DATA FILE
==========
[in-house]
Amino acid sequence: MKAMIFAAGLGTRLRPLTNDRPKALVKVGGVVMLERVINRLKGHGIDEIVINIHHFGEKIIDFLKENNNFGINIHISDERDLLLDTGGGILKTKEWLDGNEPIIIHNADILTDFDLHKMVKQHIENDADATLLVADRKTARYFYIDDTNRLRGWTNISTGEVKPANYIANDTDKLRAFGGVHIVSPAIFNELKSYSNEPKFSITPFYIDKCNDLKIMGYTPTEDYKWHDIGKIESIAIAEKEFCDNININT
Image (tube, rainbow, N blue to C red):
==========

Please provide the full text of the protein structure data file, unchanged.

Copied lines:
[in-house]
Amino acid sequence: MKAMIFAAGLGTRLRPLTNDRPKALVKVGGVVMLERVINRLKGHGIDEIVINIHHFGEKIIDFLKENNNFGINIHISDERDLLLDTGGGILKTKEWLDGNEPIIIHNADILTDFDLHKMVKQHIENDADATLLVADRKTARYFYIDDTNRLRGWTNISTGEVKPANYIANDTDKLRAFGGVHIVSPAIFNELKSYSNEPKFSITPFYIDKCNDLKIMGYTPTEDYKWHDIGKIESIAIAEKEFCDNININT
Image (tube, rainbow, N blue to C red):